War in the Pacific: The First Year
A Guide to
the War in
the Pacific

Allied Pacific Counteroffensives

South & Central Pacific

China-Burma-India, Aleutians

Marines & Rikusentai

Submarines in the Pacific


War in the Pacific: The Pacific Offensive

Across the Pacific: South & Central Pacific

The second full year of two-hemisphere war ended with the Allies on the offensive in every theater of operation. Newspaper headlines and radio reports in 1943 told of the yard-by-yard Allied advances in the South Pacific on once little-known islands of New Guinea, New Georgia, Bougainville, New Britain, Tarawa, and Makin; the heroic efforts of British marauders and their fraternal Chindits, hidden deep in the Burmese jungles, boosted morale. But the victories on these far-off battlegrounds were costly.

The United States strategy was to establish a line of overlapping island bases, as well as air control. Led by MacArthur and Halsey, the northwest movement from the Southwest Pacific was coordinated with Nimitz' island-hopping deployments across the vast Central Pacific, beginning in the Gilbert Islands (today the western portion of the Republic of Kiribati).

Adm. Halsey
Admiral William "Bull" Halsey commanded the U.S. Third Fleet.

New Guinea and the Solomon Islands

At Guadalcanal in the Solomon Islands, the U.S. Marines forged the tactics that would win the Pacific: landing elite troops, supported by ground-attack aircraft and naval gunfire, in amphibious assaults. The Japanese, overextended and undersupplied, resisted suicidally on Guadalcanal until their reluctant February 9, 1943, evacuation of 12,000, all who survived of the tens of thousands sacrificed in the struggle for that island. The volcanic island proved invaluable to the Americans. Renovated by Seabees—US. Navy construction battalions—Guadalcanal's Henderson Field, along with new strips at Koli Point, served as staging areas for Allied air power as the counteroffensive began.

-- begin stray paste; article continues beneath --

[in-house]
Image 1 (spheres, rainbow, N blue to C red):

As MacArthur's troops gained a foothold in the Solomons and forged ahead in New Guinea, there was a build-up of Allied troops and supplies for "Operation Cartwheel," the Pacific offensive that helped turn the tide of war in favor of the Allies. Wool and food were supplied for some of the 157,000 New Zealand troops, including 17,000 Maori volunteers. American troop strength dramatically increased with the deployment of the 43rd Infantry Division for the assault on New Guinea. The date was June 30, 1943.

Marines assault a Japanese stronghold on Bougainville in November, 1943.

Halsey landed troops on New Georgia while MacArthur's troops moved to Nassau Bay, New Guinea. On New Georgia, American troops advanced at the rate of 100 yards per day until the island was declared secured. MacArthur, meanwhile, was intent on eliminating the Japanese from coastal New Guinea; the commander's next objectives were Lae and Salamaua. The 9th Australian Division landed (along with 1,500 American paratroopers) in early September. By the middle of that month, New Georgia and New Guinea's Markham River Valley, as well as Lae and Salamaua on the Gulf of Huon coast, were secured after fierce fighting.